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Velocity dispersion due to anelasticity; implications for seismology and mantle composition

Liu, Hsi-Ping and Anderson, Don L. and Kanamori, Hiroo (1976) Velocity dispersion due to anelasticity; implications for seismology and mantle composition. Geophysical Journal of the Royal Astronomical Society, 47 (1). pp. 41-58. ISSN 0016-8009. https://resolver.caltech.edu/CaltechAUTHORS:20141118-161427335

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Abstract

The concept of a relaxation spectrum is used to compute the absorption and dispersion of a linear anelastic solid. The Boltzmann after-effect equation is solved for a solid having a linear relationship between stress and strain and their first time derivatives, the ‘standard linear solid’, and having a distribution of relaxation times. The distribution function is chosen to give a nearly constant Q over the seismic frequency range. Both discrete and continuous relaxation spectra are considered. The resulting linear solid has a broad absorption band which can be interpreted in terms of a superposition of absorption peaks of individual relaxation mechanisms. The accompanying phase and group velocity dispersion imply that one cannot directly compare body wave, surface wave, and free oscillation data or laboratory and seismic data without correcting for absorption. The necessary formalism for making these corrections is given. In the constant Q regions the correction is the same as that implied in the theories of Futterman, Lomnitz, Strick and Kolsky.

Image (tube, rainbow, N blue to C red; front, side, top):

Item Type:Article
Related URLs:
URLURL TypeDescription
http://dx.doi.org/10.1111/j.1365-246X.1976.tb01261.xDOIArticle
http://gji.oxfordjournals.org/content/47/1/41.abstractPublisherArticle
ORCID:
AuthorORCID
Kanamori, Hiroo0000-0001-8219-9428
Additional Information:Copyright © 1976 The Royal Astronomical Society. Received 1976 May 17; in original form 1976 April 1. The authors wish to thank M. J. Randall, whose criticism of the authors’ (D. L. Anderson and H.-P. Liu) earlier assumption that anelasticity can be modelled by a perturbation in the imaginary part of the elastic moduli alone led to the present construction of an acoustic attenuation-dispersion theory based on physical relaxation mechanisms. We also thank C. B. Archambeau and J.-B. H. Minster for discussions and A. C. R. Livanos for assistance with the numerical computations. This work is supported by the Advanced Research Projects Agency of the Department of Defense and was monitored by the Air Force Office of Scientific Research under Contract No. F44620-72-C-0078. Contribution No. 2737.
Funders:
Funding AgencyGrant Number
Advanced Research Projects Agency (ARPA)UNSPECIFIED
Air Force Office of Scientific Research (AFOSR)F44620-72-C-0078
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Caltech Division of Geological and Planetary Sciences2737
Issue or Number:1
Record Number:CaltechAUTHORS:20141118-161427335
Persistent URL:https://resolver.caltech.edu/CaltechAUTHORS:20141118-161427335
Usage Policy:No commercial reproduction, distribution, display or performance rights in this work are provided.
ID Code:51929
Collection:CaltechAUTHORS
Deposited By: George Porter
Deposited On:19 Nov 2014 15:45
Last Modified:09 Mar 2020 13:18

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